District report card shows improvement

COUNTY — The School District of Pickens County’s annual report card, released last week by the state, showed an overall improvement in both absolute and growth ratings, although there is cause for concern at the high school level.

According to a release from SDPC communications director Julie Thompson, the district’s overall absolute and growth ratings improved from average to good from 2009 to 2010, and the 2010 ratings were the highest since the district began a decline from excellent ratings in both categories on the 2004 report card.

“The district ratings affirm that everyone is working together and making student achievement a priority,” said superintendent Henry Hunt. “In the past few years, we’ve concentrated on professional development to help teachers analyze data and then target instruction to students’ strengths and weaknesses. Increased achievement has been the result.”

On high school report cards, Easley, Liberty and Pickens maintained their average absolute ratings from the previous year, while the career center maintained an excellent rating. Daniel High, however, dropped from excellent to good in terms of absolute rating.

The growth ratings of each of the four high schools fell, from good to at-risk for Daniel, Easley and Liberty and from good to average for Pickens.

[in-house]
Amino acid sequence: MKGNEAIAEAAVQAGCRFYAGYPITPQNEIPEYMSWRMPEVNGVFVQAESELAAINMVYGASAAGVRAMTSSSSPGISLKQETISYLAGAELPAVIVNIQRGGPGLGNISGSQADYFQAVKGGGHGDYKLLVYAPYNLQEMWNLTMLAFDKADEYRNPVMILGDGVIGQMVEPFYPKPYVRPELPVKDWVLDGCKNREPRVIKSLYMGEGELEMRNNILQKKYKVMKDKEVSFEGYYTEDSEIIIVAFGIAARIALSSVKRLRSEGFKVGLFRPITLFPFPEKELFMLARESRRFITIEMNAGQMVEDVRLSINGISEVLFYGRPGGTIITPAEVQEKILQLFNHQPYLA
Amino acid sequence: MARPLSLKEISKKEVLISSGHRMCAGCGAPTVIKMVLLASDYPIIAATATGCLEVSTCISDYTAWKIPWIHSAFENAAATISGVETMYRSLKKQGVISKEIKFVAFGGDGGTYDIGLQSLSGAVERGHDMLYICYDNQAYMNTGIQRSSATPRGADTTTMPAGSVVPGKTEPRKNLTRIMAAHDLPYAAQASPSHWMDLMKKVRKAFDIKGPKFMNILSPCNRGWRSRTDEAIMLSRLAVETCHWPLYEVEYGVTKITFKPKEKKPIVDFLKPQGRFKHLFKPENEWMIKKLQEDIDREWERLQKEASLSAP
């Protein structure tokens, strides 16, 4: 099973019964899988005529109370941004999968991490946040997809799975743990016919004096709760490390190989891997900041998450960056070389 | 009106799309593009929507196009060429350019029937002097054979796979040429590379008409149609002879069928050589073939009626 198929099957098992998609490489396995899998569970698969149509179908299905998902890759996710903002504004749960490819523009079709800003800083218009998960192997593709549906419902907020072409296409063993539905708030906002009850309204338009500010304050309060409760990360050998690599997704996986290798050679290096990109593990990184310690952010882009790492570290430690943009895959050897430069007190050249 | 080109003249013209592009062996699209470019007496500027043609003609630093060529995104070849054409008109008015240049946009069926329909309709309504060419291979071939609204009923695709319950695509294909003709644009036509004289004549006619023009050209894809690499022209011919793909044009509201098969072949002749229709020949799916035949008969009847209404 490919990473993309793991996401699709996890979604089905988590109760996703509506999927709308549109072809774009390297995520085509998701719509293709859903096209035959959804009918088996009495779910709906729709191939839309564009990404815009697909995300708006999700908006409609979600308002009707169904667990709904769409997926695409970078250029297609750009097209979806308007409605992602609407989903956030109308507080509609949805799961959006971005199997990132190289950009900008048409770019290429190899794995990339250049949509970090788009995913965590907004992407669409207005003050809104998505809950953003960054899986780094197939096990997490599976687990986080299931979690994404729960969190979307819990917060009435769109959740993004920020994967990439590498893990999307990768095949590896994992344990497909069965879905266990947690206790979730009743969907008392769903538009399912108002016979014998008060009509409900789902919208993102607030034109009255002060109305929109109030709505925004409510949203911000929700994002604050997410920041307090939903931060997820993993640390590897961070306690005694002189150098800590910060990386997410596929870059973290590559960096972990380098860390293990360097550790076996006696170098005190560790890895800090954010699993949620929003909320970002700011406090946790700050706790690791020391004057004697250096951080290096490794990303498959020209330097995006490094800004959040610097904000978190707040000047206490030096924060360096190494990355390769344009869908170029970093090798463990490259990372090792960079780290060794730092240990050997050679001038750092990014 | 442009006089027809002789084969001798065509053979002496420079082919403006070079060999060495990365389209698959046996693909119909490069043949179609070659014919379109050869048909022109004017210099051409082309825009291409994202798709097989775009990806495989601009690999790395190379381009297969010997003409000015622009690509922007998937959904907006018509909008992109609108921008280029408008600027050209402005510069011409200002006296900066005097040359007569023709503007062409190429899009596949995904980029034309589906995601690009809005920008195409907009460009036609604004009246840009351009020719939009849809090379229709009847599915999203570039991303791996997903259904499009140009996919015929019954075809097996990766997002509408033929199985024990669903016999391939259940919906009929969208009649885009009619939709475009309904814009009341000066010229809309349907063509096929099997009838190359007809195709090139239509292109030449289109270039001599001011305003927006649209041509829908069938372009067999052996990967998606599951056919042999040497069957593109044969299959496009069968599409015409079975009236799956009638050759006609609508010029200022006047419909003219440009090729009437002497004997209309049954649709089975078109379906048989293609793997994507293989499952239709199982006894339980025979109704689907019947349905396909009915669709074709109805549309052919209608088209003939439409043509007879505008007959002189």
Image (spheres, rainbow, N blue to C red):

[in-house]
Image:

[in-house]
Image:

Absolute ratings are based on a school’s academic performance on achievement measures for the school year, while growth ratings rate a school’s improvement from year-to-year based on a variety of measures.

“Although high school ratings didn’t improve, strong teaching and learning are taking place,” said Brenda Turner, assistant superintendent of instructional services.

According to Thompson’s release, the school district’s on-time graduation rate, which fell from 72.6 percent to 71.2 percent, mirrors a decline seen across the state. The state’s on-time rate — the percentage of students who complete high school “on time” and earn a diploma in four years — fell 1.6 percentage points to 72.06 percent.

“That rate can be misleading because of the difficulty in accounting for students who move from our system or those who take more than four years to earn a diploma,” Turner said. “We will, however, continue to work toward increasing the percentage.

“We’re very proud of our teachers as well as the administrators, counselors, and others who support them each day,” she said. “All of these educators work in tandem to achieve positive results for all students. We have much to celebrate.”